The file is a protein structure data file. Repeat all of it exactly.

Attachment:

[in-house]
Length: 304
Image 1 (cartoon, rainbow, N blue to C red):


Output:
[in-house]
Length: 304
Image 1 (cartoon, rainbow, N blue to C red):